As a rule of thumb, all professionals are susceptible to burnout, especially if they need to marry their careers with parenting. However, some professions bear a substantially higher risk of burnout than others.

An essential part of burnout prevention in one’s career is also choosing the right profession that well corresponds to your natural susceptibility to stress.

Professions with the highest occupational risk of burnout are usually those associated with stress from making important decisions that could backfire down the line or high speed of work and multitasking (or both at a time).

1. White-collar Professions.

Information Technology (IT) Professionals. Constant technological changes, tight deadlines, and high expectations for performance contribute to burnout among IT workers.

Financial Services Professionals. Long hours, pressure to meet financial targets, and the responsibility for managing financial matters can easily contribute to burnout in this field.

Corporate Managers. High responsibility and pressure to meet financial targets in the complex post-pandemic market and with limited resources cause that more than 50% of corporate managers self-report burnout.

Hiring Managers: Time pressure and high responsibility to find the top talent, candidate drop-offs due to competing compensation packages, and an unstructured, ineffective hiring process contribute to over 80% burnout rate among hiring managers.

Certified Public Accountants (CPAs). Long hours, high pressure for “creative management,” and unstable work pattern with heavy workloads during the tax season often leave a mark on the CPAs’ mental health.

Teachers. Long hours, intensive work in a noisy environment, low remuneration, and constant changes to the education system leave teachers in a vulnerable position that often leads to burnout.

Lawyers and Other Legal Professionals. Paralegals, legal assistants, and other legal support staff also face high workloads, tight deadlines, high pressure from clients and public opinion, ethical dilemmas, and other stressors that often contribute to burnout, especially after a lost cause.

Journalists. Chasing after the next big story day in and day out, pressed to produce clickbait material, and constantly under time pressure, journalists often burn out.

Police Officers. High pressure and high tempo paired with low remuneration and high frequency of dangerous situations at work often lead to burnout.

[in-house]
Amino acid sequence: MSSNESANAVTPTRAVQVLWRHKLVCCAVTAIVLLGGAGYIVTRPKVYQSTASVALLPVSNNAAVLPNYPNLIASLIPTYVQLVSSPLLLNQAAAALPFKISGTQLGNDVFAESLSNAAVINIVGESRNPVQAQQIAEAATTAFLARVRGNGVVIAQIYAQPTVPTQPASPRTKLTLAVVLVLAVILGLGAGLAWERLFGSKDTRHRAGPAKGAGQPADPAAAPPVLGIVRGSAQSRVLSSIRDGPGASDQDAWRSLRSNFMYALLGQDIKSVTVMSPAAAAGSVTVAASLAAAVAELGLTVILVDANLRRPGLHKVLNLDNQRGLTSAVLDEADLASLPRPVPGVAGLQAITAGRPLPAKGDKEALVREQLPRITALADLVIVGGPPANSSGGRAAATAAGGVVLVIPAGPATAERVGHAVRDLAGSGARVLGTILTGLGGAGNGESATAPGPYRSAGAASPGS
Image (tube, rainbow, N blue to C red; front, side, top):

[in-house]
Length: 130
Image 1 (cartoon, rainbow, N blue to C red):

Pilots and Air Traffic Controllers. High pressure and responsibility, inhumane work hours, and a working scheme that messes up the daily rhythm and causes never-ending jet lag easily lead to burnout.

Customer Service Representatives. High work pace, never-ending assessment, negative karma associated with calls from unhappy clients, and low pay leave a mark on mental health.

Social, Nonprofit, and Aid Workers: Dealing with sensitive issues, limited resources, the emotional toll of working with people in crisis, and low pay can easily lead to burnout.

Healthcare Professionals, especially Nurses: High pressure, high work pace, long hours, and low pay, and the prevailing norms are to be selfless, put others’ needs first, and do whatever it takes to help a client or patient, or student lead to severe burnouts.

Counselors and Therapists: The necessity to work with patients suffering from deep mental and emotional problems daily often leads to burnout as it’s hard to empathize without absorbing patients’ emotional states.

Self-Employed: Freelancers and Entrepreneurs: Lack of financial stability, high competition, uncertain future, multitasking, lack of support team, and never-ending hustle prevalent among the self-employed all contribute to high burnout rates

2. Blue Collar and Other Professions.

Farmers and Agricultural Workers: The physically demanding nature of farming, unpredictable weather conditions, and financial pressure can lead to burnout in this field.

Construction Workers: Physically demanding and high-paced work associated with a high risk of concussion and other health consequences often leaves a mark on mental health.

Retail and Fast Food Workers: High work pace, repetitive, robotic tasks, low hygiene of work, low social status, and low pay all contribute to high burnout rates in retail and fast food.

Flight Attendants / Waiters / Bartenders: High work pace, repetitive, robotic tasks, and the necessity to handle all kinds of clients’ behaviors and keep a kind face on, easily lead to burnout.

Performing Artists: The pressure to perform, the culture of success, irregular schedules, and the emotional demands of artistic expression can contribute to high burnout rates among actors, musicians, and dancers. 

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Burnout in Men Versus Women.